Researchers at the University of California are developing a method of producing biological fuel, first proposed nearly a century ago by the eminent scientist who was also Israel's first president.

Chaim Weizmann

Chaim Weizmann. He foresaw the energy crisis and proposed an economical way of making fuel. Photo by Weizmann Institute of Science

Chaim Weizmann is primarily known as a leader of the Zionist movement and the first president of the State of Israel. However, before his success in statesmanship and politics, Weizmann became famous during World War II for inventing a new method of producing acetone, which was needed for manufacturing explosives.

In fact, this invention is considered an important milestone in helping win the support of Britain’s leaders for the establishment of a national Jewish homeland in Palestine. Less known is Weizmann’s attempt, at about the same time, to promote a scientific solution to the oil shortage. His answer, which is today known as biofuel, was based on the same bacterium that helped him produce acetone. However, his biological fuel idea never came to fruition.

Only recently, nearly 100 years after he first articulated the idea, has a group at the University of California at Berkeley completed Weizmann’s initial work. They are proposing an efficient method for producing high-quality fuel from plants using that bacterium known as Clostridium acetobutylicum — or the Weizmann organism. The BP oil corporation has already agreed to sponsor the project and is currently setting up a site in Australia to examine the economic and industrial feasibility of the idea.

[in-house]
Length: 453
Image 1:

Weizmann was a great believer in the ability of science to solve acute problems faced by the human race. In his memoir he wrote that the oil question, which has implications for the Zionist question and for the entire world, is a scientific question.

He proposed using his bacterium in order to break down plants rich in starches that would be cultivated for this purpose in the British-controlled parts of Africa. The plants would produce basic chemical substances from which it would be possible to make fuel compounds that would serve as a substitute for petroleum distillates.

A team of scientists at UC Berkeley took up this scientific proposal about three years ago. In the November 7 issue of the journal Nature, the scientists summarized their work, which is being conducted by two research teams — a biological research group and a chemical research group.

“The biological group takes the strain of bacteria and uses it to break down plant material into three basic molecules," Israeli team member Dr. Elad Gross told Haaretz.

"From these three molecules the chemical research group builds longer molecules that can serve as fuel.”

The advantage of the use of the bacterium is that it makes it possible to break down the plants into the necessary components at room temperature and relatively inexpensively. According to Gross, the method the team is proposing has a significant advantage over the currently accepted method of producing biofuel from dedicated crops – which has major ecological and economic disadvantages.

The California group is one of many scientific teams around the world who are working on various ways to produce biofuel. Despite these efforts, biofuel is still significantly more costly to produce than standard petroleum fuels.

About two weeks ago Israel’s National Academy of Sciences held a conference to mark the 60th anniversary of Chaim Weizmann’s death. It seems apt that the conference was devoted not to Weizmann's contribution as a statesman and Zionist leader, but rather to his scientific achievements, some of which are proving to be especially prescient.